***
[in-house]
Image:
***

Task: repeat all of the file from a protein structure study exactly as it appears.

[in-house]
Image: